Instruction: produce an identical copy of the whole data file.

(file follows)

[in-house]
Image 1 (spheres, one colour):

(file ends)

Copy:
[in-house]
Image 1 (spheres, one colour):